The Bill of Rights has long been held as an important protection for the people from the government. In its original state, it protected the people from the federal government and not the government of their respective state. The Bill of Rights was made applicable to state governments through the process of incorporation.
Incorporation is the legal doctrine that has made portions of the Bill of Rights applicable to the states. It has, frequently, relied on the 14th Amendment’s “due process” clause to make the first 8 amendments applicable to the states. Many individuals feel that the Privileges and Immunities clause (Article IV, Section 2, Clause 1) would be a more appropriate way of incorporating rights; however, the Supreme Court has stuck with the 14th Amendment.
Prior to the development of the incorporation doctrine and the ratification of the 14th Amendment, the Supreme Court ruled in Barron v. Mayor of Baltimore (1833) that the Bill of Rights did not restrict the state governments. While that case mainly dealt with the 5th Amendment’s prohibition of denying an individual private property for public use without just compensation, the Supreme Court, lead by Chief Justice John Marshall, ruled that the Bill of Rights in general was applicable only to the federal government. This way of thinking remained in place until the late 1920s.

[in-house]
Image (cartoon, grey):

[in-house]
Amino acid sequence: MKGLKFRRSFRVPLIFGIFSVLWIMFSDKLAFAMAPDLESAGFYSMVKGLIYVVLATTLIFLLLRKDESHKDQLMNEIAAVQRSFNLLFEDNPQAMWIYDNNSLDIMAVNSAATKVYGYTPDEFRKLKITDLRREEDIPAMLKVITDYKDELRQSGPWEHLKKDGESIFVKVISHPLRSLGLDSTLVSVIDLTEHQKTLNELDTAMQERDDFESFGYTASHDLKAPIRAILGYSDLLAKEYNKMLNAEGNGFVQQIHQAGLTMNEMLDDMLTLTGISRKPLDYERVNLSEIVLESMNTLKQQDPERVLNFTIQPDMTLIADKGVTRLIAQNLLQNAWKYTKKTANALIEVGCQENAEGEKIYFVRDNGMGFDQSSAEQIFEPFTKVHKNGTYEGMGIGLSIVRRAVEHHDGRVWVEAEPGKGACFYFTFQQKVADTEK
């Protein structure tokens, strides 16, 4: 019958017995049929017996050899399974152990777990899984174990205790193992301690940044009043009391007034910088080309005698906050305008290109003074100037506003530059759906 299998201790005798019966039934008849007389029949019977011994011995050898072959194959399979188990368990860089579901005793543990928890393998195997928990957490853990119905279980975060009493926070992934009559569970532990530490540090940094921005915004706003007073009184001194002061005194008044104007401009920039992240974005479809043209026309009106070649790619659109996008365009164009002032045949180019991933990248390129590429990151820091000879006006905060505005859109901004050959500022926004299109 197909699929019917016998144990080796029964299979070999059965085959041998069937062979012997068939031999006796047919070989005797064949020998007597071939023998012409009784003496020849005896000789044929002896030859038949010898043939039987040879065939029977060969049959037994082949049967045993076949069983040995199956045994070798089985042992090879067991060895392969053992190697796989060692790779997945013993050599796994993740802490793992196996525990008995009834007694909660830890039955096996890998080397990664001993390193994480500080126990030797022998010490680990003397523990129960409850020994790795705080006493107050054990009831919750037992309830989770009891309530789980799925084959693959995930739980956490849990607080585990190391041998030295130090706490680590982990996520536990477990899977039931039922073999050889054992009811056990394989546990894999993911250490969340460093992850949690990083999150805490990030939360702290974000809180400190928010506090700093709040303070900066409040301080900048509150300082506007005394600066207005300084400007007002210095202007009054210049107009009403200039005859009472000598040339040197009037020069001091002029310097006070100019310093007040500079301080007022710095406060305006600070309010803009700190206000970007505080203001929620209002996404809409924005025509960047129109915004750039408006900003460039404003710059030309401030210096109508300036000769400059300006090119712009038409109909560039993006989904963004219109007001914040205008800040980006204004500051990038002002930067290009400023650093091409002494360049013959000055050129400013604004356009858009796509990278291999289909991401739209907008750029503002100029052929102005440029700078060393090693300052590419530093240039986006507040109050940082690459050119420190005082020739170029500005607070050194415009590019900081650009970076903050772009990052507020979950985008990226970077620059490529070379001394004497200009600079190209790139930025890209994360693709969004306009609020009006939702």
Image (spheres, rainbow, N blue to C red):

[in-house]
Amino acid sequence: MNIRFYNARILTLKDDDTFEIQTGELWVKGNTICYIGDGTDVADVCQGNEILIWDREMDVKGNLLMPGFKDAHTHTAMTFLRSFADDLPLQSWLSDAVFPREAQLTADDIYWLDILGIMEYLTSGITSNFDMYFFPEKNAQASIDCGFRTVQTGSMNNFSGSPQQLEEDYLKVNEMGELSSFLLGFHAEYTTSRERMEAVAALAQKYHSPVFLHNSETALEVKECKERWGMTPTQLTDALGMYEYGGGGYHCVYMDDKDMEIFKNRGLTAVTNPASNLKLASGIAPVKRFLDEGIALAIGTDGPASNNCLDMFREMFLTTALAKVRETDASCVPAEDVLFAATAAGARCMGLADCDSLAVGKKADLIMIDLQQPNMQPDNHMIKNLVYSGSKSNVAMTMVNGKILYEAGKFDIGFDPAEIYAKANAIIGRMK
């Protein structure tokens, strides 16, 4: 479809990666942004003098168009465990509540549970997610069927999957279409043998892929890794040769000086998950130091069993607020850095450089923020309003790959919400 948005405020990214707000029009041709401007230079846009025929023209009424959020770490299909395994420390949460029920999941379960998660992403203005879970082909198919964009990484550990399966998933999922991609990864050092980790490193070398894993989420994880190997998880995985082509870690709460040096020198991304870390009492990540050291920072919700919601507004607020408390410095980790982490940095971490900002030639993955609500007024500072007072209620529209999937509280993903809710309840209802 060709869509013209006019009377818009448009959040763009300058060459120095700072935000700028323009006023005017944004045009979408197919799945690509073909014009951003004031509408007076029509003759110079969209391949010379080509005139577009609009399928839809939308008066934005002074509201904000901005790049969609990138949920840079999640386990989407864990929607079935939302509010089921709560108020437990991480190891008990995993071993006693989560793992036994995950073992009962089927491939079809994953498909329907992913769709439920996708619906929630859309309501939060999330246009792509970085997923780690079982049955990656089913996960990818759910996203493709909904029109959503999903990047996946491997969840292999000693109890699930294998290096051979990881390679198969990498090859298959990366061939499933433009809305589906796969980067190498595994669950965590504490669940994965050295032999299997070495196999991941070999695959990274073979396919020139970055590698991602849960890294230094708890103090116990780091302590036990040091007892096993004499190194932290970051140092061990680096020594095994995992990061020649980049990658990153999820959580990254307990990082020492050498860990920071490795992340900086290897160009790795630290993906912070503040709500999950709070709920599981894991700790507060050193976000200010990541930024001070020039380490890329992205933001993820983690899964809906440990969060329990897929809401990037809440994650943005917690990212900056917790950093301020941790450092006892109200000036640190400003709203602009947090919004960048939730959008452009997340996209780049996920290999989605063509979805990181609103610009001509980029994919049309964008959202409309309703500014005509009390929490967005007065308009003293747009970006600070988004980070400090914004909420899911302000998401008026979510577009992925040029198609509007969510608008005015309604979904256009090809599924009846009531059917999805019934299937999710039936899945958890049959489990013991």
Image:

In the 20th century, the Supreme Court had a change of mindset and started ruling that portions of the Bill of Rights were applicable to states. This started in 1925 with Gitlow v. New York. In this case, states were bound to observe the 1st Amendment’s guarantee of freedom of speech. While this case is seen as the start of the incorporation doctrine, it wasn’t until the 1940s that things really got rolling. The Warren Court of the 1960s was responsible for incorporating the majority of procedural protections provided to criminal defendants. The Warren Court brought state standards in line with federal requirements. The incorporation doctrine as a whole applies both procedural and substantive guarantees to the states.
While the Supreme Court has addressed many portions of the Bill of Rights, there are many provisions that the Supreme Court has either refused to incorporate or not yet incorporated. If the provision has not yet been incorporated, this is most likely due to a case not having come before the court. So far, the Second Amendment (right to bear arms), Fifth Amendement (right to an indictment by a grand jury), Seventh Amendment (right to a jury trial in civil lawsuits), and Sixth Amendment (a criminal jury can consist of only 12 members and must reach a unanimous verdict in order to convict) have not been incorporated.